SEC Chair Mary Jo White: “Preparers must recognize that management’s ability to fulfill its financial reporting responsibilities significantly depends on the design and effectiveness of internal control over financial reporting (ICFR)… It is hard to think of an area more important than ICFR to our shared mission of providing high-quality financial information that investors can rely on…. We need to be frank about any challenges in the operation and assessments of ICFR and address them to the extent appropriate.” (emphasis added)
SEC Chief Accountant James Schnurr: “the ICFR issues identified by the PCAOB may not be just a problem of audit execution. Rather, they may, at least in part, be indicative of deficiencies in management’s controls and assessments. Therefore, both auditors and management as well as audit committees need to focus on the ongoing maintenance and assessment of ICFR. I encourage the three parties to engage in robust dialogue regarding ICFR design and assessment in the context of existing guidance from the SEC and the PCAOB.” (emphasis added)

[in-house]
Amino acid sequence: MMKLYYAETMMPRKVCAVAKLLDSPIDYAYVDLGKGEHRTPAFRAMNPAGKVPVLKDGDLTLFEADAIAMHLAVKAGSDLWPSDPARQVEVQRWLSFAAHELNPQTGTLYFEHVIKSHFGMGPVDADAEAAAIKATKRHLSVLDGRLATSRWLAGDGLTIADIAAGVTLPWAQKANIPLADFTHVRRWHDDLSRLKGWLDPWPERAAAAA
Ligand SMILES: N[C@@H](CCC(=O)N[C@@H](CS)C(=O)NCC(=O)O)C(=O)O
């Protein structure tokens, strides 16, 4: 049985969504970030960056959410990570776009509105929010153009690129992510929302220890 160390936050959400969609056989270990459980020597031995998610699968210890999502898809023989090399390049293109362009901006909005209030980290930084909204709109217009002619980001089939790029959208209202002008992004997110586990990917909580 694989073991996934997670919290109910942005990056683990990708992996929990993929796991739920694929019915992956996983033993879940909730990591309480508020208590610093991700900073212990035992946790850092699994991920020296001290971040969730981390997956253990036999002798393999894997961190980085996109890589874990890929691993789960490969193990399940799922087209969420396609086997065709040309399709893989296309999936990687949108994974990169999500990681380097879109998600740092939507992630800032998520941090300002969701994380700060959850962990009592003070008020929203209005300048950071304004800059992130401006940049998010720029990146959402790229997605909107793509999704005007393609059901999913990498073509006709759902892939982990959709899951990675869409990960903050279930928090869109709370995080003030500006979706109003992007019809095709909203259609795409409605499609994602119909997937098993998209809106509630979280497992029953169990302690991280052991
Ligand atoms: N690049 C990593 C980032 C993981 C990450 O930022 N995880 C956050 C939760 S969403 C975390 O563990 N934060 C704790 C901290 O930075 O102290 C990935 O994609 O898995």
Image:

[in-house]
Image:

During the final Q&A with the senior staff of the SEC’s Office of the Chief Accountant, Croteau responded to a question regarding whether the Commission would object to any filers’ continued use of the 1992 COSO internal control – integrated framework, vs. COSO’s 2013 framework.
Croteau replied, “The short answer is no, but as I’ve said, questions will come from us and investors why a company would continue to use a framework that is no longer supported,” (i.e., COSO announced that effective December, 2014, it would no longer support the ’92 framework, in light of issuance of the updated framework in 2013.) He added that in the case of any companies continuing to use the ’92 framework, “there is increased interest, but not an ‘objection.’